Then, it went further when the person really wanted to become a woman and live their whole life with this beautiful thing. This is the drag transgender culture in Thailand. But, yes, there are some transgender women who do not perform.

To be a transgender in Thailand is totally fine. It has been like this since quite a long time ago. There might be some sexism from guys, but very little. Thai People are so lovely. They relate and understand and also admire us to be ourselves.

What is next for you?

I want to be an actress, on television or in the movies. Or, I wanna be on tour. That would be fun. I want to meet drag fans all over the world.

Author: Rik Glauert

The post How it feels to be the first transgender winner of Drag Race appeared first on Gay Star News.

Thai activists protest Brunei’s anti-gay laws

Thai protesters outside the Brunei embassy in Bangkok (Photo: Facebook)

LGBTI rights activists in Thailand protested outside the Brunei Embassy in the capital Bangkok on Tuesday (9 April).

They condemned Brunei’s brutal sharia laws ushered in last week.

The tiny Muslim-majority nation in Southeast Asia now punishes gay sex with death by stoning.

Activists on Tuesday presented a statement signed by 130 civil society groups across Southeast Asia.

About 30 activists waved rainbow flags and presented stones painted with rainbows.

‘We need to come out and speak out’ said independent activist and organizer SirisakChaited. ‘Not  not just for LGBTIQAs+ people in Brunei but for LGBTIQAs+ people all over the world.’
‘When we speak out for human rights in Brunei, we must speak out for human rights everywhere’ SirisakChaited told Gay Star News.

Prasert Wasedue Raman, the official officer of the Brunei Certification Office, met with the activists and accepted the letter, according to Voice TV.

The activists later presented the statement to the Thai representative of a regional human rights commission.

SirisakChaited also said they had hoped more Southeast Asian countries would join the protest.

Legitimizing violence

‘By adopting conservative views of morality and excessive punishments, Brunei essentially legitimizes violence’ the statement said.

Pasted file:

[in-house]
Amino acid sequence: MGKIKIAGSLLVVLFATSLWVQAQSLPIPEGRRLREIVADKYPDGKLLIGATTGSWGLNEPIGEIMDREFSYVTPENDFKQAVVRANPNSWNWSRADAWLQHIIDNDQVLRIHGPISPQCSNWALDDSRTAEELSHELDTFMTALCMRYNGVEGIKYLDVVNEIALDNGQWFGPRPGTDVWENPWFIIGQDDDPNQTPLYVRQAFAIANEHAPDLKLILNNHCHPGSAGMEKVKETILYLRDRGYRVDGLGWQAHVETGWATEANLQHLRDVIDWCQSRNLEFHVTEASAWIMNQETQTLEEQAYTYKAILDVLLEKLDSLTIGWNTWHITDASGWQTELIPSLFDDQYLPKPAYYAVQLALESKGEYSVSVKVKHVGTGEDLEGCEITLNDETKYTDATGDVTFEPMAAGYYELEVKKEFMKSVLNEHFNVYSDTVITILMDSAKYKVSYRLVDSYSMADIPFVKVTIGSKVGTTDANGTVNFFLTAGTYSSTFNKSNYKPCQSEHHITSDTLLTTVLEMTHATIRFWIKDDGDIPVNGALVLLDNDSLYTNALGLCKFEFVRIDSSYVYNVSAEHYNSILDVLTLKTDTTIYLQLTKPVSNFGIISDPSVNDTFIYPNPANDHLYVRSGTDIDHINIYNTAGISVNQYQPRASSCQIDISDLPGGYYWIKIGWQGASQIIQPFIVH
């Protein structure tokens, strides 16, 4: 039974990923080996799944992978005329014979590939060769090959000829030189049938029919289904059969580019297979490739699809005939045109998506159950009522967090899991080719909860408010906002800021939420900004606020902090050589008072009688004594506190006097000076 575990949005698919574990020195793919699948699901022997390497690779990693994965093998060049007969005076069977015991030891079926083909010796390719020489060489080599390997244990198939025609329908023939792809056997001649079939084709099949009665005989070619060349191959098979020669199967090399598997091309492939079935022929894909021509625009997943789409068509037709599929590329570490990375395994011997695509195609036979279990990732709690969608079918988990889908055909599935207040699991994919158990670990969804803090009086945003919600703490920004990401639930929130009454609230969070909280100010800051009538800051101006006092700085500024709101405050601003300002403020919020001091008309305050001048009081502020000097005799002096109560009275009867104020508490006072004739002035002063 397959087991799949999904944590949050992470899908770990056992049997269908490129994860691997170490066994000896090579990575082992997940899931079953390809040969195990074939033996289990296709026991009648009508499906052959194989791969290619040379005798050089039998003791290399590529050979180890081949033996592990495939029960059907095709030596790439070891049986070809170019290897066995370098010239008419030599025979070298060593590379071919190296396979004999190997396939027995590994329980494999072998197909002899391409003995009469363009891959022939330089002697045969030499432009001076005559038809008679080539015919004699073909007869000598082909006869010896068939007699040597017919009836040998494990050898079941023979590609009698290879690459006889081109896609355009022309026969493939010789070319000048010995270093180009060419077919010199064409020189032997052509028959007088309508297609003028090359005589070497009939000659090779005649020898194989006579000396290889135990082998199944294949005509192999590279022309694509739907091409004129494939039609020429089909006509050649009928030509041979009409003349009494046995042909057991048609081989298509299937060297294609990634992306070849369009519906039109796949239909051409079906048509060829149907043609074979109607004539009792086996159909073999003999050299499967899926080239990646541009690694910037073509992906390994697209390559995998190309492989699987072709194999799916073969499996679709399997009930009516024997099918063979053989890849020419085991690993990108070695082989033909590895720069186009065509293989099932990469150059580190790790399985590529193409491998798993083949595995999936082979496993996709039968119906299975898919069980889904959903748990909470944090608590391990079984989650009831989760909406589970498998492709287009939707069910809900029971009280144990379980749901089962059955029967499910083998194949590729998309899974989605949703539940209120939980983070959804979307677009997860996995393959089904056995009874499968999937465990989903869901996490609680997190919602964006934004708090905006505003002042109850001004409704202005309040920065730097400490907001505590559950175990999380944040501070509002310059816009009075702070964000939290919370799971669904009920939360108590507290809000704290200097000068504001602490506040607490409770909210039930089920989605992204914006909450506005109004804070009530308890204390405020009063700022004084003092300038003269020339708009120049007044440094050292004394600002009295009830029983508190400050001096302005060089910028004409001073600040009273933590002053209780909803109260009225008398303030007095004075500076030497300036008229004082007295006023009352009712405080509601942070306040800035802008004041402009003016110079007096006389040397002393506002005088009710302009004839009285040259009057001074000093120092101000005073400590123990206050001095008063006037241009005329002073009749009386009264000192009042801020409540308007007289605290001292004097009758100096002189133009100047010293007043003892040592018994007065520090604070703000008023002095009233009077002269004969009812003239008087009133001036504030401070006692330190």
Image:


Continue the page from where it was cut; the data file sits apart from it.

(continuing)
The signatories, which include groups from Thailand, Singapore, the Philippines, Indonesia and Malaysia, urged Brunei to respect human rights.

Brunei has faced condemnation from international rights groups, the United Nations and western government.

But Southeast Asia, where the Association of Southeast Asian Nations (ASEAN) has a policy of non-interference, has remained quiet.

In fact, some people in neighboring Malaysia and Singapore—which have also witnessed a backlash against LGBTI people—have called for similar laws in these countries.

Thai LGBTI activists gather outside the Brunei embassy in Bangkok (Photo: Facebook)

Thai LGBTI activists gather outside the Brunei embassy in Bangkok (Photo: Facebook)

What is happening in Brunei?

Brunei implemented its latest sharia (or Islamic) laws last week.

Home to fewer than  500,000 people, Brunei is one of the world’s richest countries due to bountiful oil and gas reserves.

The new law includes: Death by stoning for people convicted of sodomy. Public flogging for those convicted of abortions, adultery or rape. The amputation of hands and feet for convicted thieves.

The United Nations condemned them as ‘cruel and inhuman’. But, the sultan has defended his ’sovereign right’.

Celebrities have led a boycott of the Sultan’s business portfolio.

In the UK, a Labour MP also said Brunei should be chucked out of the commonwealth.

For the most part, LGBTI Bruneians are remaining very quiet.

A bisexual man living in the nation’s capital this week said he was ‘confused’.

Author: Rik Glauert

The post Thai activists protest Brunei’s anti-gay laws appeared first on Gay Star News.

Drag Race Thailand host is putting their entire family in drag

Pangina Heals' father and grandmother (Photo: Twitter)

Drag superstar and co-host Drag Race Thailand, Pangina Heals, is putting their family into drag.

Pangina Heals, also known as Pan Pan Narkprasert, shared the makeovers of both his father and his 92-year-old grandma.

For the first time, they dressed their dad (now also known as Chokaree Heals) in drag.

‘My dad said love has nothing to do with gender and he did drag with me to say to the world that art love and acceptance does not have a barrier or walls’ wrote Pangina Heals.

Next, Pangina Heals dressed their 92-year-old grandmother. ‘A family that drags together stays together’ they wrote.

Pangina Heals is a half-Thai half-Taiwanese is a drag icon in Asia and a prominent LGBTI rights activist.

She has 117,000 followers on Instagram. What’s more, she is currently co-hosting RuPaul’s Drag Race Thailand which just started its second season.

Drag Race Thailand

Thailand was the first place outside of the US to air a version of RuPaul’s Drag Race.

Two of Thailand’s most eminent drag queens—Art Arya and Pangina Heals—present the show in lieu of the queen herself RuPaul.

Natalia Pliacam, who performed Whitney Houston’s Queen of the Night, won the first season.

The Thai version came nearly a decade after RuPaul launched her show on a little-known gay network in the US.

Drag Race Thailand is made by Thai TV group Kantana and airs on the streaming channel Line TV.

Last year, RuPaul announced a UK version of her show coming to BBC Three in 201

 

Author: Rik Glauert

The post Drag Race Thailand host is putting their entire family in drag appeared first on Gay Star News.